into existence independently of one another without common ancestor,
thatís their polyphyletic origin. Thatís the positive evidence from
the fossil record. Thatís what it says when you look at it literally.
The other thing is something that David brought up,
and itís something that you can do in any one of the major groups, is
to show that each one of these groups is so incredibly complex in the
coordination of characters and how the organism works as a whole, not
just individual characters, thatís complex enough, each one of those
characters is so complex that it seems to indicate we have a designer.
But then on top of that you have to somehow
coordinate those characters into a functioning organism and that
implies an even stronger case for a designer. So the creation case is
built on a more literal interpretation of the fossil record. There is
no evidence of the intermediates, and, the fact that the organisms,
when they do come into existence, are so complex, it seems to mandate
Ankerberg: Dave, you had
an illustration using bats.
Menton: One of the
arguments that I think has been raised by both creationists and
evolutionists, regarding transitional organs (weíre not talking
transitional organisms now, weíre talking about a transitional organ
like a half-feather, or a half-jaw, or whatever), is what functional
use would there be for the organ as itís going through its transition
from A to B.
One might look at bats, for example. These, of
course, are flying mammals. They fly by a mechanism rather different
than the birds do. They donít take advantage of feathers. They have a
large membrane that extends between the fingers of their hand. They
basically fly with their hands. And one could imagine a small perhaps
mouse-like mammal slowly evolving into a bat.
One of the things apparently that would be necessary
is that from about the waist on down the whole pelvic girdle turns and
faces the opposite direction. In addition, the digits, or so-called
fingers of the forelimbs would get longer and longer. A web would
develop between them. Itís easy to imagine having long fingers and a
web that perhaps are flyableóthat could contribute to flightóbut not
having the other features in place, such as the center of balance to
fly, such as the navigational requirements of flight, such as the
weight reduction of flight, the coordinated movements of flight.
Indeed, you can imagine an animal halfway between a small non-flying
mammal and a bat that was neither fish nor fowl. That is, it could no
longer walk well, it could no longer breed well, it no longer could
eat with any real efficiency, had difficulty either walking or flying.
What would be the selective advantage along the way for each of the
How would you slowly develop sonar in the bats? When
bats appear in the fossil record, they again appear, as so many others
fossils do, fully formed. There are no pre-bats that Iím aware of. The
bones of the face appear to give evidence of a sonar mechanism.
Theyíre shaped to funnel in sound to the ear. Everything is in place.
The pre-bat we might reasonably expect to find in the fossil record is
not there. But if you try to anticipate what this pre-bat would look
like, it is very difficult to do this. Itís very difficult to say why,
when youíre halfway along there would selective advantage to these
It leads, I guess, some evolutionists to propose
that evolution would sort of store up a bunch of changes and maybe not
express them for awhile, then all of a sudden turn them loose,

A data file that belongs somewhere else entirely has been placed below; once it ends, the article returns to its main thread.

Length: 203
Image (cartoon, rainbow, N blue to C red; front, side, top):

pre-adapted as it were, and that you would sort of select for the
whole package all at once. Certainly for flight you have to select for
a very large package of coordinated features, involving balance,
involving weight reduction, involving muscles, involving bones,
involving navigation, and its difficult to imagine flight.
Ankerberg: Itís in that
sense that youíre saying that not only is the evidence not there, but
the theory to concoct that pathway between the two forms, the one
thatís growing into the new one, they havenít even got the theory for
Menton: Right. Even when
you tell people, "Let your imagination run free; never mind, science,
never mind experiments, just allow your mind to be free." Even there
we have difficulty coming up with scenarios that require no proof, no
evidence, just invent scenarios.
I have read scenarios about the origin of whales.
Theyíre believed to have evolved from perhaps the cattle, others
suggest other organisms. In any event again a terrestrial mammal
begins to frequent the water, the ocean, presumably the nares, or nose
would move to the top of the head, the body size would increase, the
mouth would get large. There are all kinds of scenarios that can be
imagined, but again it is difficult to imagine what would be selected
for each step of the way. Remember you have to have value as you move
Evolutionists point out that proteins donít jump
into existence fully formed, that you sort of just keep adding a few
amino acids on the end, and maybe the protein takes on some new
function. And so, instead of having to wait for the entire protein
succinate dehydrogenase we could find that, as we started out, there
were other uses for it along the way. Maybe having nothing to do with
the Krebs cycle. And in this way, they could sneak up on it and the
probability then presumably is better than if he had to get the whole
thing in one shot.
Ankerberg: But your point
is, that while they are growing, how are they existing? What are they
doing? How do those other in-between forms help them to get to that
Imagine a cornea, thatís a little window in the skin that we look
through. What good is the cornea without an eye to look through the
window? On the other hand, what good is the eye without a window to
look through, or cornea?
Gish: I might add, we were
talking about the bat, the oldest known fossil bat, found in whatís
called eocene rock, therefore dated by the evolutionists at 50 million
years, this fossil bat was essentially identical to the modern bat. As
a matter of fact, instead of the structure of the skull, they were
able to discover it had this echolocation mechanism found in many
modern bats. It was in every aspect, modern, and there are absolutely
no traces of anything ancestral to that bat.
Dr. David Menton received his Ph.D. in cell biology from Brown
Dr Wiseís doctoral degree in paleontology was completed at
Dr. Gish received a Ph.D. in biochemistry from the University of